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Artist Spends Years Working on Just One of His Incredibly Detailed Drawings

The pen-and-ink drawings of Manabu Ikeda are enormous in both size and detail. Working on paper canvases several meters in size, the Japanese artist spends up to two years on a single one of his masterpieces, never knowing what they are going to look like until they are finished.

Manabu Ikeda begins work on his monumental artworks by sketching some images in his sketchbook as they pop into his head. He is always thinking about his art and sometimes sees images when he is doing the most mundane things, like having dinner with his friends. His drawing are a combination of the things that inspire him, from nature and history to technological advancements and catastrophic events like earthquakes or tsunamis. Although he has an idea of what he wants to lay down on paper when he starts to draw, a lot of time he just uses the images that flash in his mind as he is working, and the end result is a big mystery until the final stages of the drawing process. Filling a white canvas big enough to cover a large wall is a painstaking task, as Ikeda works at a very slow pace. His works are so insanely detailed that he will sometimes work for eight hours a day on a single 4-inch square trying to get everything just right.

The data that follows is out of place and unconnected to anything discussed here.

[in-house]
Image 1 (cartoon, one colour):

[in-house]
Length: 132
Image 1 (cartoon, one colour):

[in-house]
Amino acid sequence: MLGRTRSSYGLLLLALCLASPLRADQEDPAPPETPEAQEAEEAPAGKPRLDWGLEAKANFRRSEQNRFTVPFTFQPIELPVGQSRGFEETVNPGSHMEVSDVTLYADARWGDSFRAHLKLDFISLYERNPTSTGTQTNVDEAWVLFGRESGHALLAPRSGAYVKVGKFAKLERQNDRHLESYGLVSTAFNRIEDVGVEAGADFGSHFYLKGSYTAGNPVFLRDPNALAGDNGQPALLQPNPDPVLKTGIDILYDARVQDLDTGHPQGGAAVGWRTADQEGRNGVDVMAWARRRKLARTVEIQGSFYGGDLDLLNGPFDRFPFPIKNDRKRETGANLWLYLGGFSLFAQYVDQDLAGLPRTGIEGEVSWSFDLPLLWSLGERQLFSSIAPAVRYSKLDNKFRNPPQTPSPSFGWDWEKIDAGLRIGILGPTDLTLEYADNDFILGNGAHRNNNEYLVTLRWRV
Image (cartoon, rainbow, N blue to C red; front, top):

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The Amazing Pencil-Drawn Illusions of Ramon Bruin

Netherlands-based Ramon Bruin is a mostly self-taught artist with a gift for creating amazing optical illusions. He is well-versed in airbrushing and painting, but his most impressive works require only a pencil and a few pieces of paper.